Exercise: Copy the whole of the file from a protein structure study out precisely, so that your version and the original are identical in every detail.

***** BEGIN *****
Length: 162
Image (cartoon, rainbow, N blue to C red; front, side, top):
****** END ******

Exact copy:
Length: 162
Image (cartoon, rainbow, N blue to C red; front, side, top):